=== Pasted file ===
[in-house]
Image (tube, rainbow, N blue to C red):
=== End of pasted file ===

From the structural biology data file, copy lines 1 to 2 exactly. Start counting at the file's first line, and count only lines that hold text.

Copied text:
[in-house]
Image (tube, rainbow, N blue to C red):